Lottery Winners May Lose Jackpot Because They Can’t Verify Bank Details

Lottery Winners May Lose Jackpot Because They Can’t Verify Bank Details
An undated photo of scratchcards from lottery company Camelot in an undisclosed location. (Courtesy of Camelot)
Richard Szabo

Two lottery winners may not see a cent of the winnings until they can verify that a bank account used to buy the scratchcard on April 22 was used legally.

Convicted criminals Mark Goodram, 36, and Jon-Ross Watson, 31, thought they had literally hit the jackpot after discovering two matching £4 million ($5.17 million) prize symbols on the same scratchcard, bought at 10.39 a.m. local time in the Clapham neighborhood of Waitrose, South London.

“I’m off to see the Queen. This is brilliant, I deserved a bit of a break, we’re made for life,” said Goodram who has 22 convictions for 45 criminal offences, according to The Sun. “I can’t wait to spend the lot, I’m going to buy luxury properties and look after myself.”

Watson, a Manchester United fan with burglary convictions, began planning a holiday to North America.

“I’m off on a Caribbean cruise then to Las Vegas but I need a passport first,“ he said. ”We were screaming in the street. We’ve told family and friends about our win but no one believes us.”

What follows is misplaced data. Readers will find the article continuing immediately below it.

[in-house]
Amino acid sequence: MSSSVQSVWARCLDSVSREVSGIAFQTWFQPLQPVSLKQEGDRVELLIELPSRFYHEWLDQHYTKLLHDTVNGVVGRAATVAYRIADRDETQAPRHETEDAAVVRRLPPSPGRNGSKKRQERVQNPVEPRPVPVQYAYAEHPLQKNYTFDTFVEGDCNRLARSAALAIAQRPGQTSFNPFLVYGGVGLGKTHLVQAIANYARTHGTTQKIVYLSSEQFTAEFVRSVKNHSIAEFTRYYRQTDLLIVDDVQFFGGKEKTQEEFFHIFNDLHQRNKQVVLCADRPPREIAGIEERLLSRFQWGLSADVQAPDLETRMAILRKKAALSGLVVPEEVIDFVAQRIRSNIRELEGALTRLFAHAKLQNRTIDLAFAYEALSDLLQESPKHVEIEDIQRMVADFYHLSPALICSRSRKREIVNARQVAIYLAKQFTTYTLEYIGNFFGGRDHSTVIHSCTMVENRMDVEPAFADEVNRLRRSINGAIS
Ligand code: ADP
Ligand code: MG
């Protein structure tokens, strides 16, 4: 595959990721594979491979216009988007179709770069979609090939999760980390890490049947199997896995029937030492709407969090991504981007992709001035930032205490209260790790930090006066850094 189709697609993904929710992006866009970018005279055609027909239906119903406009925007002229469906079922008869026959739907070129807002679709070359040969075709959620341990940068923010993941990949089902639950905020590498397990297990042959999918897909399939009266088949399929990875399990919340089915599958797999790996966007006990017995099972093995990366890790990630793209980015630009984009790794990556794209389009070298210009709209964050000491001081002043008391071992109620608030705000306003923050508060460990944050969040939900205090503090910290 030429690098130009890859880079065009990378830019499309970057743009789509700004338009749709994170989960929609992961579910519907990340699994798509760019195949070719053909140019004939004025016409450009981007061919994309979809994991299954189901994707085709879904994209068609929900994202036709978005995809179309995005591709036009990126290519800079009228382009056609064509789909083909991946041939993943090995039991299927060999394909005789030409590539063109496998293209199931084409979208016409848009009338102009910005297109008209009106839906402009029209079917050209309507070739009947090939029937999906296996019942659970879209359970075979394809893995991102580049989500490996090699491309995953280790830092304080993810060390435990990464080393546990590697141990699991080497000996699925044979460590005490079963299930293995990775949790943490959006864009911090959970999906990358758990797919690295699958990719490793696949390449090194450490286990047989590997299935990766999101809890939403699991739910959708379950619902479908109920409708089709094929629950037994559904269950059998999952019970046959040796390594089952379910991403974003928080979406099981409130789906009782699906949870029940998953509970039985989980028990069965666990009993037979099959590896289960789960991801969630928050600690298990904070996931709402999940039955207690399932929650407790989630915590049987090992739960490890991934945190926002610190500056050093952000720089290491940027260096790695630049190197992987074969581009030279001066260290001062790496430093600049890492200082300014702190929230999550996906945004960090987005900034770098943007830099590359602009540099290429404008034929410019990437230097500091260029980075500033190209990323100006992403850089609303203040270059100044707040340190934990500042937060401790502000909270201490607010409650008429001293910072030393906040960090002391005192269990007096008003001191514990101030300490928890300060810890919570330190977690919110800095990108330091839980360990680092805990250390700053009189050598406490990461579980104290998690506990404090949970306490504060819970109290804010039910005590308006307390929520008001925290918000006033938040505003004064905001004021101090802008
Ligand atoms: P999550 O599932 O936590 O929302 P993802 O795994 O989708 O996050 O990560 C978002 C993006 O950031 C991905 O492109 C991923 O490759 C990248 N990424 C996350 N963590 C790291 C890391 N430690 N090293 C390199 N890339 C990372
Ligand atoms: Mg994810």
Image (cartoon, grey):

However, their plans for how to spend the money have been postponed indefinitely after they could not explain to the lottery company Camelot exactly whose debit card they used to buy the scratchcard. The friends for life raised suspicion after telling a company representative they have no bank accounts.

Lottery management are now investigating the pair originally from Bolton, 13 miles northwest of Manchester, because they are concerned the bank card used to buy the winning scratchcard might have been stolen.

However, Watson maintains a friend named John used the card after being paid £10 ($12.92) in cash. He was unable to provide his friend’s surname, address, phone number, or the reason for John’s absence, other than he simply disappeared “up north.”

“This win’s unbelievable but we deserve the money fair and square,” he said.

Goodram, who is understood to have been released from jail just days before the win, said he did not believe the debit card used to pay for the scratchcard was stolen.

Both men have been on Bolton’s most wanted list during the past few years after allegedly committing various crimes in the town, Metro reported.

While the jobless pair were waiting for the investigation to draw to a close, they passed the time going on a four-day bender, buying champagne and cocktails with the final loose change they had.

The friends even contacted the media to publicize their good news and produced the Red scratchcard and pink receipt confirming they were official winners, beating the odds of 4,019,579 to one. Camelot has a maximum of three £4 million ($5.17 million) payouts.

Camelot had still not paid out by April 24, with the lottery company refusing to confirm or deny the jackpot win.

There is little doubt about the scratchcard’s authenticity, and officials believe it is genuine. The only issue is whether the debit card was stolen.

“It’s possible to buy scratchcards using contact less payment, with the purchaser not required to provide identification,” an anonymous source told The Sun.

Richard Szabo is an award-winning journalist with more than 12 years' experience in news writing at mainstream and niche media organizations. He has a specialty in business, tourism, hospitality, and healthcare reporting.
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